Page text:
Is the church a hospital for sick and broken people – or a country club for people who think they are righteous? If the church is not a safe haven for the shattered, addicted and rejected, then who are we attracting?
In the story of the Prodigal Son, a younger brother is clearly living in egregious sin (Luke 15). He is ultimately welcomed back by his father, while his elder brother, who claims to have done everything his father requires, cannot fathom Dad allowing his kid brother back into the family. The elder brother is even more outraged that the father would throw an extravagant party for his youngest son. The elder brother would not even acknowledge this person as his brother, and instead indignantly asks his father, “But when this son of yours, who has squandered your property on prostitutes comes home, you kill the fattened calf for him!?” In this parable, Jesus is directing His attention to the Pharisees – the religious leaders, moral insiders, politically connected, power hungry, and monetarily dominating people of His day. So, let’s consider who the church is – and is not – called to be.
As Tim Keller says in The Prodigal God, “Jesus’ teaching consistently attracted the irreligious while offending the Bible-believing, religious people of His day. However, in the main, our churches today do not have this effect. The kind of outsiders [SINNERS] Jesus attracted are not attracted to contemporary churches…We tend to draw the conservative, buttoned-down, moralistic people. The [immoral], broken and marginal avoid church. That can only mean one thing: If the preaching of our ministers and practice of our parishioners do not have the same effect on people that Jesus had, then we must not be declaring the same message that Jesus did. If our churches aren’t appealing to younger brothers, they must be more fullof elder brothers than we’d like to think.”
So, what is the church anyway? Or, better asked, WHO is the church? The church is not a building or an institution; rather, the church is a family of believers who worship Christ as our Lord and Savior. Often the concept of the church as “family” initiates thoughts of pain and despair since many of us have come from broken homes or have been hurt by the church in some way. Who wants to be in this kind of family, RIGHT?!?
Well, fortunately for us, the story is not about us, and we are invited into a new family. After all, we are a new creation (II Corinthians 5:17). The grand story of redemption – the very Word of the Creator God – is a love story about Him and His only begotten Son, who chose to love totally sinful people by taking on flesh and condescending to this world. The story does not culminate in Jesus’ excruciating death nailed to a tree; rather, the pinnacle of God’s story occurs when Jesus defeats death, Satan’s last attack on God’s people. Jesus is raised from the dead and ascends to His throne, from which He now rules Earth as His footstool (Isaiah 66:1, Matthew 5:35, Acts 7:49).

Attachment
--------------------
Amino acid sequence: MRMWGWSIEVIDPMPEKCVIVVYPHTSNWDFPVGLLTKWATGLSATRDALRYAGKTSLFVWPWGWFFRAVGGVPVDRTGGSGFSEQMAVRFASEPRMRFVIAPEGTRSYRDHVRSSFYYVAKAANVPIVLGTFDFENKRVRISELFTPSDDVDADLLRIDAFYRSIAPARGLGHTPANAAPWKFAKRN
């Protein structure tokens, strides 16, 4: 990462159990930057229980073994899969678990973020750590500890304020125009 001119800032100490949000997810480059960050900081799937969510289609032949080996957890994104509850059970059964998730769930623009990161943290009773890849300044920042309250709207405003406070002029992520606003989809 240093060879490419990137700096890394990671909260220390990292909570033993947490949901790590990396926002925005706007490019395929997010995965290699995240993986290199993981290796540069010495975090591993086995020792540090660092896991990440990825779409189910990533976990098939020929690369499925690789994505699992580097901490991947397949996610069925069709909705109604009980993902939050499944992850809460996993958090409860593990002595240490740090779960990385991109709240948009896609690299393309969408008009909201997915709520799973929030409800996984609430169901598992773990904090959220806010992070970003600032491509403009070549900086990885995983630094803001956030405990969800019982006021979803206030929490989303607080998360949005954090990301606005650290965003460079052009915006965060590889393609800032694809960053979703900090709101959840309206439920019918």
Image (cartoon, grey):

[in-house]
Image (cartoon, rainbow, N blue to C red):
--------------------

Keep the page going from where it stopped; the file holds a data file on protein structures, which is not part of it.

After Jesus takes His seat on the throne in Heaven, the cosmos is never the same. His people are never the same. Through the power of the Holy Spirit, God calls us to be different. To act, think, and love – differently! The Church is the very place this difference should be glaringly obvious. Since there is no temptation uncommon to the believer (1 Corinthians 10:13), and we are all totally depraved without Christ, how can we judge one another for our sins and struggles? Our Father, in His great wisdom and counterintuitive narrative, often moves through other broken believers to usher redemption into our lives. Therefore, there is no reason to hide our sin and even less reason to look down on those who are struggling. Rather, Jesus calls us to celebrate when one confesses sin and longs to be restored. Isn’t this the very point of Jesus’ parable?
Consider this: The story of the Prodigal Son, as we have come to know it, was called “the story of two brothers” by Jesus. By telling this parable, Jesus was not only focused on the heartwarming story of the younger brother returning home after bingeing on wild parties and prostitutes. Jesus intently focuses on the loving forgiveness of the father. By doing so, He also sought to rebuke the religious elite of His day by comparing them to the elder brother in their judgmental and self-righteous attitudes. The Pharisees, Jesus’ intended audience, were not humbled by this story. Instead, they were thunderstruck and offended – even infuriated. Jesus’ purpose in this parable is two-fold: To warm our hearts to know we are his children, but even more to shatter our perception of who we think He is versus who He reveals Himself to be. Rather than a God who consistently judges us for our failures, our Father poured out His wrath on His Son so He could restore and redeem us. As those bearing the name of Christ, we are called to transparency, repentance, forgiveness and encouragement. If we have truly experienced the love and grace of our Father, how can we – the Church – be anything less?